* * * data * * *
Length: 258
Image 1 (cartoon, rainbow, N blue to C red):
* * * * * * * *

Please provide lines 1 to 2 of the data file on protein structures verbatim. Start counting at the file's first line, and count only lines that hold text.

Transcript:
Length: 258
Image 1 (cartoon, rainbow, N blue to C red):